Wednesday, October 22, 2014

I will never be cool with Asian jokes. Never.

I grew up in Coffeyville, a small town in Southeast Kansas. Being Chinese-American, I stuck out amongst my peers, and as a youth, that's a terrible thing because it puts a huge target on your already insecure back. To grasp an idea of how much my Asian eyes and tan skin contrasted with everyone else's physical appearance, here's a fun fact. According to Wikipedia, the racial population of Coffeyville in 2000 was 75.76% white, 12.12% African-American, and .60% Asian. Yes, that's right. People who looked like me made up less than 1% of the town.

When I was a child, I still remember when kids I didn't know would pull out their eyes or call me "ching chong" or "chink eyes," and when I'd look scared and uncomfortable, they'd bust up laughing, feeding off the excitement of their bullying. These kids were clearly laughing at me, not with me; and their tireless "You eat dogs and cats!" "You can't drive!" "You all look a like!" jokes seemed to blur together. These strangers knew nothing about me, but because of my race, they felt that they had all the verbal ammunition in the world to hurt me.

I remember shielding from my family and friends the bullying I received because I saw my friends were harassed too--for being gay, for being black, for being poor, for being fat, etc etc. All of us were picked on for something, and we all came to the conclusion that if we kept our heads down, then the jerks would leave us alone. Or better yet, we victims would move on one day and never have to deal with our bullies again. After all, they and we were all kids. Nobody knew better then, right?

In college, I continued to face assumptions about me because of my race, but now it was no longer meant to be mean but it still bothered me nonetheless. These tiny aggressions came my way through  digs brought upon by people I barely knew: classmates, teachers, friends of friends. "You're fake Chinese!" "You're a banana! Yellow on the outside and white on the inside!" "Did you not understand the assignment because English is your second language?" (How can I be accused of being wannabe white and yet also so Asian that I couldn't speak English correctly?) However, because these people were not trying to be cruel like my schoolyard bullies, I tried to play off their questions and comments by being cool, accepting. I laughed it off. I even made Asian jokes myself to fit in, but all the while, I avoided making stereotypical jokes about other groups. I knew how shitty it felt, so why would I pay that negativity forward? Yet, despite my own need to be respectful of others, I couldn't help but wonder: why was my race always the punchline? Why was I never treated with the respect and dignity that I gave to other people?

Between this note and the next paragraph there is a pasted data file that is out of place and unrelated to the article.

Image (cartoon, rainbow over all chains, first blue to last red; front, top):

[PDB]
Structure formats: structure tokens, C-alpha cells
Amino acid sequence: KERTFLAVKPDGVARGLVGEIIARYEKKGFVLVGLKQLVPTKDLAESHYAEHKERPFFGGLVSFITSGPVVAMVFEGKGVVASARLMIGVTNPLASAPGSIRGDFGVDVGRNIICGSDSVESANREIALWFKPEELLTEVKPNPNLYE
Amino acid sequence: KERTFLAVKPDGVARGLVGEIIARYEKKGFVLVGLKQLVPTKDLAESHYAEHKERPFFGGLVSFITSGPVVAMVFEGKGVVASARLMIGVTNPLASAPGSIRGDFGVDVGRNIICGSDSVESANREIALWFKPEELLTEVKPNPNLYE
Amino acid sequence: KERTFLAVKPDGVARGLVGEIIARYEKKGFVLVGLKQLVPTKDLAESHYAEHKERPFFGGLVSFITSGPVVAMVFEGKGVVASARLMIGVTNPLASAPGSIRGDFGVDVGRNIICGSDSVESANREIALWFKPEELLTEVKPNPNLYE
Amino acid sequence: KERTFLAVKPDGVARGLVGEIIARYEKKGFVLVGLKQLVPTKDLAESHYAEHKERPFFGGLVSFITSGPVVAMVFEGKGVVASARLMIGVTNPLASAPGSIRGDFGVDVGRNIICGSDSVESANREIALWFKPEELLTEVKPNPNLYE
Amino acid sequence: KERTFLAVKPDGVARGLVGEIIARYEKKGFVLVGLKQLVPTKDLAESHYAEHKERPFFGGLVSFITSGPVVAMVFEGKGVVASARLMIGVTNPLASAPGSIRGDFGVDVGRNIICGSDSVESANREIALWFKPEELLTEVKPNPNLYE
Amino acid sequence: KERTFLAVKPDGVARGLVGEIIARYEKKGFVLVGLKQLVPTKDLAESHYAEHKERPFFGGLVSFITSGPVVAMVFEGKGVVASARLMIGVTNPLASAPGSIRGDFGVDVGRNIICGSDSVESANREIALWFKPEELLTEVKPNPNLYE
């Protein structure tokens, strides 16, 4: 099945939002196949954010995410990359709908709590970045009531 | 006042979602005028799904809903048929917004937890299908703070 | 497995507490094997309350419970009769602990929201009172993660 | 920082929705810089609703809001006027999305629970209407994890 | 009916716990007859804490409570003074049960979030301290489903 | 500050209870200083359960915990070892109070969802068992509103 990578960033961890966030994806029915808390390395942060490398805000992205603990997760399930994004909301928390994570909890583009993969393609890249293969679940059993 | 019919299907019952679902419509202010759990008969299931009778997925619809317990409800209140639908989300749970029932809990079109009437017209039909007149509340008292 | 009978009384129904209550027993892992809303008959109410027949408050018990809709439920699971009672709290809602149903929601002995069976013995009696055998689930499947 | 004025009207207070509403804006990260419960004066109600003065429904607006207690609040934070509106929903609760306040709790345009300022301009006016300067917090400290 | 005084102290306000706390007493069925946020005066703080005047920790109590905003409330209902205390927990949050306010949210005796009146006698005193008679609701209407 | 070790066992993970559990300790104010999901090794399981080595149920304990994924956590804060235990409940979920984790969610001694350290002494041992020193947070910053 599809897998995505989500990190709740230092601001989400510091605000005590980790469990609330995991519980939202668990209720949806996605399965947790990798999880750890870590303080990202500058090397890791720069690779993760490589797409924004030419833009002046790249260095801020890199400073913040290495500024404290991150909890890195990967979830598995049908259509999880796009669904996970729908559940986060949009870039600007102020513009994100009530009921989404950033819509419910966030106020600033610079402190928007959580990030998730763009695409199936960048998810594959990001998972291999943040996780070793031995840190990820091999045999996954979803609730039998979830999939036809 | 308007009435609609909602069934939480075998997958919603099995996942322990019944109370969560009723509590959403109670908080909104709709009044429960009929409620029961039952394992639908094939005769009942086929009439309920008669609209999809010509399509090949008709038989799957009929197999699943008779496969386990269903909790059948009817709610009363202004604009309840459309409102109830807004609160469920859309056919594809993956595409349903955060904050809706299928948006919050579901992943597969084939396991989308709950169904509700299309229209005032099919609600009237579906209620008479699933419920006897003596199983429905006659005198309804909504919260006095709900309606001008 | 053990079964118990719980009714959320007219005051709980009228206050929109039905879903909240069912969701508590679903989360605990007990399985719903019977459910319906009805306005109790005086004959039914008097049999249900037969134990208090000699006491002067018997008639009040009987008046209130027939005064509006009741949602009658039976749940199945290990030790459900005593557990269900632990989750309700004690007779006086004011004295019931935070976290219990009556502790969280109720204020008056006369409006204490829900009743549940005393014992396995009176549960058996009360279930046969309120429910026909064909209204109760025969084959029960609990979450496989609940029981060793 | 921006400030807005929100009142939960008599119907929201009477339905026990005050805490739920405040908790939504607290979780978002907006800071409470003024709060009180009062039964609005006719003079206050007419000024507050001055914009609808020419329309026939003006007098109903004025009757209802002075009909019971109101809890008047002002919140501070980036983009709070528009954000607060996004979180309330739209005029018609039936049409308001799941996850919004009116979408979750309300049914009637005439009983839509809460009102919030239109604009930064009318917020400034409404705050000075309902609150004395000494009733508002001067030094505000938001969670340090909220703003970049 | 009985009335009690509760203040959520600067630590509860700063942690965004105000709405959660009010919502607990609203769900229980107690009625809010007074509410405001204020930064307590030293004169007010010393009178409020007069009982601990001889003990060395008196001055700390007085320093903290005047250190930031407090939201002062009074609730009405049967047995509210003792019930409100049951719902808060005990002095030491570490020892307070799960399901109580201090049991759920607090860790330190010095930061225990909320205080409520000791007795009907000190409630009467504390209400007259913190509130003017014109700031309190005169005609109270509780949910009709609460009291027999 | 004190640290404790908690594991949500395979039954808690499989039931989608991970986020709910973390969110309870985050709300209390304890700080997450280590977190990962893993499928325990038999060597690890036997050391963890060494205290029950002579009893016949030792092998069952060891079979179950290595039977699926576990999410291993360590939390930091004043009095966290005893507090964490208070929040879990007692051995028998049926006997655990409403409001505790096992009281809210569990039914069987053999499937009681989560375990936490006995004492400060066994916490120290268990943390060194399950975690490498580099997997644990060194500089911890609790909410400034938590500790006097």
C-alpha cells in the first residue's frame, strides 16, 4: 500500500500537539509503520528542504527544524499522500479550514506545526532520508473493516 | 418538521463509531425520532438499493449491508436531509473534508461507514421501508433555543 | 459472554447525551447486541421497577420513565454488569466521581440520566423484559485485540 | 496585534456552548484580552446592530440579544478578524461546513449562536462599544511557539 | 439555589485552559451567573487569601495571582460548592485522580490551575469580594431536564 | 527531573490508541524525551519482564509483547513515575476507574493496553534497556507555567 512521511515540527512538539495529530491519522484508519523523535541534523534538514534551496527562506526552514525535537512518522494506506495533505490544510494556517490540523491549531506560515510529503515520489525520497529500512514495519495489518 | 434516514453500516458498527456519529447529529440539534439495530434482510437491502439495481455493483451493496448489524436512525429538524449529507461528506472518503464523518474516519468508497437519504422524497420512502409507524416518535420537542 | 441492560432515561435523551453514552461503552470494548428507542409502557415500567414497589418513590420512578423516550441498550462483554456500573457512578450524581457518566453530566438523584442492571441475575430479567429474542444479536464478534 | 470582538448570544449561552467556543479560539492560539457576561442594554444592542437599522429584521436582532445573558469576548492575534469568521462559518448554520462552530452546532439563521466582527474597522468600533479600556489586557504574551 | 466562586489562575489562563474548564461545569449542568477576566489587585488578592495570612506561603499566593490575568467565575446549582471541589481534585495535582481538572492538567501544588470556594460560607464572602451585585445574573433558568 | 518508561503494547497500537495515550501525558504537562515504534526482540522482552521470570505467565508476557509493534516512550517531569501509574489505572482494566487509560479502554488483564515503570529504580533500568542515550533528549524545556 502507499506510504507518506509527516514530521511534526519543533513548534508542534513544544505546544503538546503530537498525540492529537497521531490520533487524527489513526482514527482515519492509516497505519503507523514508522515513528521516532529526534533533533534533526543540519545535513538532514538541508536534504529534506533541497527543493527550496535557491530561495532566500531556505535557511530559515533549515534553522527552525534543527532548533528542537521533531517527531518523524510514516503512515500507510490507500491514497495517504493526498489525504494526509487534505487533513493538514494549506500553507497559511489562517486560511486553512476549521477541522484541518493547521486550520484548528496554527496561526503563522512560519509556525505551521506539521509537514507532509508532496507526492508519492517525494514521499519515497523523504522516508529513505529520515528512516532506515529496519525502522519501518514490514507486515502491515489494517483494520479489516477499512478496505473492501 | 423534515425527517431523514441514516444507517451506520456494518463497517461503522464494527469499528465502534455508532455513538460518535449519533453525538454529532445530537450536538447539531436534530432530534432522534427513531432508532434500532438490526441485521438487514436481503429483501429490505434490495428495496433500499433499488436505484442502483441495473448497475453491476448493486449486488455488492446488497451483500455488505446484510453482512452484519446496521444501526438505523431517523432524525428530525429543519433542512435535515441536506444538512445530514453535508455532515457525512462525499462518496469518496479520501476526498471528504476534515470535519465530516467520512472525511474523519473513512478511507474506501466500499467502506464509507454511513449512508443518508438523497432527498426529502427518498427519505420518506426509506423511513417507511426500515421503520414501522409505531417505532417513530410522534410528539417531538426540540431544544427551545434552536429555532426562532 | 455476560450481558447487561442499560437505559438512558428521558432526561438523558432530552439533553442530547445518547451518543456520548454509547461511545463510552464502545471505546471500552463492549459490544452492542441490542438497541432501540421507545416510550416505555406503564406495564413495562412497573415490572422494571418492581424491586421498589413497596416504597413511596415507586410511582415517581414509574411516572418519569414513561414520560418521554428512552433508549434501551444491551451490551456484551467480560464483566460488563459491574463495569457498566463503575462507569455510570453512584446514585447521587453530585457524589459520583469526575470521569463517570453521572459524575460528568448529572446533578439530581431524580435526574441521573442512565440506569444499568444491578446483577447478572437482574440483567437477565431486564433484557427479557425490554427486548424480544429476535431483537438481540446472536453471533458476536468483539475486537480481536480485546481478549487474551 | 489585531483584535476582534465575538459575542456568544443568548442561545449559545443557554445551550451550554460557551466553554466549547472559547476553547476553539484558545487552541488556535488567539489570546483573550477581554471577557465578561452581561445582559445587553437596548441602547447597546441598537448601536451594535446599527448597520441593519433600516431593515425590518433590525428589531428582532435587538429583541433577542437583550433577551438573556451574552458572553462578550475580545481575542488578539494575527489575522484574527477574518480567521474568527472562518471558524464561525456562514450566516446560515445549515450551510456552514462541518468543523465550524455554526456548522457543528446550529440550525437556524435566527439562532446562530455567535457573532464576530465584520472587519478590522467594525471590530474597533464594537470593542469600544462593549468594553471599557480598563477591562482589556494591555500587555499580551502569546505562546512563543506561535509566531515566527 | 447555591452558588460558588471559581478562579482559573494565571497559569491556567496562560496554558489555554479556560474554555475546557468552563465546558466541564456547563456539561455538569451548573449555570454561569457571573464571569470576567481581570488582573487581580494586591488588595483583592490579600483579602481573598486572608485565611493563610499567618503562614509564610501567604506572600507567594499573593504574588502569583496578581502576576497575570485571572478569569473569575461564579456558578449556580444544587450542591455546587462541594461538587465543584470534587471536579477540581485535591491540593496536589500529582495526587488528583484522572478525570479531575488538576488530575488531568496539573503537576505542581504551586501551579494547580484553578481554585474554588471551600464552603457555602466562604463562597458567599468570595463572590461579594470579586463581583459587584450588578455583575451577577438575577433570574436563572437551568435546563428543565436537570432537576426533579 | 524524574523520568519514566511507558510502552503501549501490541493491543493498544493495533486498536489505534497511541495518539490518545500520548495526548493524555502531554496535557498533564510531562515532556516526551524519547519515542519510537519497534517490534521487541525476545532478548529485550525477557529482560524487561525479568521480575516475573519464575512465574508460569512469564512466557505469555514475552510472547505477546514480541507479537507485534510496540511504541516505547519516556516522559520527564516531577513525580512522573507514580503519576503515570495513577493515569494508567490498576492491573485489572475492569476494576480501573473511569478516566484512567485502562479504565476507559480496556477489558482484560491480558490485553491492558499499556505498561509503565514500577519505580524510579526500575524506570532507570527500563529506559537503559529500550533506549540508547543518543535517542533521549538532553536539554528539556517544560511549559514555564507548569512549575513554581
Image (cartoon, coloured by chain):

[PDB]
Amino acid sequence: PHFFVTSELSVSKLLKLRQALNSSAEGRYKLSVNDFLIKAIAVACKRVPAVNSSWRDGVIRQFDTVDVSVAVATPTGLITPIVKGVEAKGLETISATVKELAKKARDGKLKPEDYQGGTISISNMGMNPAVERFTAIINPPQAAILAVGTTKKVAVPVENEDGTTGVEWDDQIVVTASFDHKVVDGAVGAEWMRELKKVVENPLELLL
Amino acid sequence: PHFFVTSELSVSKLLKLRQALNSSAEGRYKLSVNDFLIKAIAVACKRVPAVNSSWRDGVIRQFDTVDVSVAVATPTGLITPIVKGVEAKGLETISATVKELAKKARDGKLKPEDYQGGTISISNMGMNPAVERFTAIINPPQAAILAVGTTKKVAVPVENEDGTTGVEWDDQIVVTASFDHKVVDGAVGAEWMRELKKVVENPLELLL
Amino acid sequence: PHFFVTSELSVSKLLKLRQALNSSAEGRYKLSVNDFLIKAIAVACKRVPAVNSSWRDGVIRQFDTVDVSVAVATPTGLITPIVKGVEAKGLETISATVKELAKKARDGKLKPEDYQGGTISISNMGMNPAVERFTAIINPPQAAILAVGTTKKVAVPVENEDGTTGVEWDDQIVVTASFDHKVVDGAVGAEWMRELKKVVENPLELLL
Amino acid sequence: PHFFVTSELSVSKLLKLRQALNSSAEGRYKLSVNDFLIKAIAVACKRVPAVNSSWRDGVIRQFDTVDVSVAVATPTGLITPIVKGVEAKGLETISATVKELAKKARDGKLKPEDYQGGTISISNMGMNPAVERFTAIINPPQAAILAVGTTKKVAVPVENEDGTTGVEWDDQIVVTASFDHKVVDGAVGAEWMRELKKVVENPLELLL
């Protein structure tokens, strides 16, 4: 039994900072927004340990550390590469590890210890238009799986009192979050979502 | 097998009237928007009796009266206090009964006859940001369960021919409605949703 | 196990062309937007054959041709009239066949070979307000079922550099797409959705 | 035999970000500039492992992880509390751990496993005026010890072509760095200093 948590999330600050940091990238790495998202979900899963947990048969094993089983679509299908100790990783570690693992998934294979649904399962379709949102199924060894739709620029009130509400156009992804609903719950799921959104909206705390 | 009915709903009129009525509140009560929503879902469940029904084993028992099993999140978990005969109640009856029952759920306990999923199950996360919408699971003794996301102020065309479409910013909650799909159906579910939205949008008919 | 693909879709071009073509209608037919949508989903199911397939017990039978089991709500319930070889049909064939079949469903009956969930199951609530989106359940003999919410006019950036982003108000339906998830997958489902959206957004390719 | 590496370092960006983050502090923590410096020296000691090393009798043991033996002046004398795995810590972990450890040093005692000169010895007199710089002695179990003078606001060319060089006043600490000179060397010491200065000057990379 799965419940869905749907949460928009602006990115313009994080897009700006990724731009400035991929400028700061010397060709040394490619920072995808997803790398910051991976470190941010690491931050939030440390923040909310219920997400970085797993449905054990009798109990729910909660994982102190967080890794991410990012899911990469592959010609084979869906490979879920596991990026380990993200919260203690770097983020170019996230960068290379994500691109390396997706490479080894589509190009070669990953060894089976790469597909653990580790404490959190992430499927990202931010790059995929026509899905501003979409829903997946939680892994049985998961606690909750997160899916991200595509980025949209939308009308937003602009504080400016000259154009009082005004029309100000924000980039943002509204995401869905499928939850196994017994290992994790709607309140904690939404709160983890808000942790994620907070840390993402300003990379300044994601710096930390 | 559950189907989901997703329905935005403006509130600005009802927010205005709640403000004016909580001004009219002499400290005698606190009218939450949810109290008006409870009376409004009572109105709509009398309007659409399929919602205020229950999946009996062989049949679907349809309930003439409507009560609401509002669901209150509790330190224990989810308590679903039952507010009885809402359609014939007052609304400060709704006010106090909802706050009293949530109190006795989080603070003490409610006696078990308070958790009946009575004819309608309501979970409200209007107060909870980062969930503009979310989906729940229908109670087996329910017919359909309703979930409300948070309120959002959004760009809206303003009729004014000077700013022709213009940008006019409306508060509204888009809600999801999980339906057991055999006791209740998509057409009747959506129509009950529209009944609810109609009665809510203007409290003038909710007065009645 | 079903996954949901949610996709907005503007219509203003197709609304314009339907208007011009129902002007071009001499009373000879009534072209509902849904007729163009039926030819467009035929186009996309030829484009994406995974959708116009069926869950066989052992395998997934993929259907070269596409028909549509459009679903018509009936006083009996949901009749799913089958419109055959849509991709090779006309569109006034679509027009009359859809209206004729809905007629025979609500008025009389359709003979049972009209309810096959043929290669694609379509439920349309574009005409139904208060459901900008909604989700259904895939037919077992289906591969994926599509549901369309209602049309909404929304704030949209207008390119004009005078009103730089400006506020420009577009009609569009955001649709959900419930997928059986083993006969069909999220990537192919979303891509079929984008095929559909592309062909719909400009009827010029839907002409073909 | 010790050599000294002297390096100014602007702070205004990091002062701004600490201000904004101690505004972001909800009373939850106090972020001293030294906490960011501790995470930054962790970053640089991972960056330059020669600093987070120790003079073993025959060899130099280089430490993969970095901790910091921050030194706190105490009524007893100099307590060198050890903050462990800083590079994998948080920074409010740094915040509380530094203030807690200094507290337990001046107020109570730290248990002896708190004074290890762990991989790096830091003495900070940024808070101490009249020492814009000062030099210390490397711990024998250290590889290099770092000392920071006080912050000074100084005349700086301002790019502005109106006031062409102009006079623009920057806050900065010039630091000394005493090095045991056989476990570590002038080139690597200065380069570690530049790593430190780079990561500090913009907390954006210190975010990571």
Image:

As the years went by, I learned to be more assertive with respecting myself. This was ironic to me because from a young age I could champion various other issues such as women's rights; but when it came to putting my foot down by not laughing or tolerating sophomoric Asian jokes, this proved to be a harder endeavor. After all, I had accepted the jokes before. Why was I so "sensitive" now? As an adult, shouldn't I be more able to relax and  just let things go?

The answer is no. Forcing people to accept things that truly bothers them doesn't mean that they will stop being bothered. It only means that they'll resent the other party, and the offending party won't know they're doing anything wrong so they won't stop. It's a lose-lose. By speaking up, you're starting a conversation. Sometimes the other person is willing to listen; other times, he or she is a dick and tells you to shut up. The latter happened to me recently.

Years ago I worked in an office with comedian Andrew Santino, who later became the star of ABC's Mixology, and according to IMDB, he is in the pilot of CBS's much hyped How I Met Your Mother spin-off How I Met Your Dad. I was one of nearly 15,000 of his Facebook fans until I saw him post a picture of an Asian woman taking a selfie using a selfie stick. The picture was hilarious, but it was the caption that made me cringe. "Check out this oriental...I mean continental breakfast #selfrie." The use of the slur "oriental" bothered me, but it was that combined with the hashtag of "selfrie" that really took this post to another level on the racist scale.

Did he assume this young woman, dining alone in an American restaurant, was not a native English speaker? Because after all, we Asians all cannot pronounce words correctly, right? I mean, that's exactly what my seventh grade bully would convey when he pulled his eyes and bowed at me while saying, "Flied Lice! Flied Lice!" To those who think the image of my seventh grade bully bowing is funny; yes, it kind of is in hindsight because it's so fucking stupid. But that's the point. These tired Asian jokes are so fucking stupid and juvenile that a seventh grader did them first.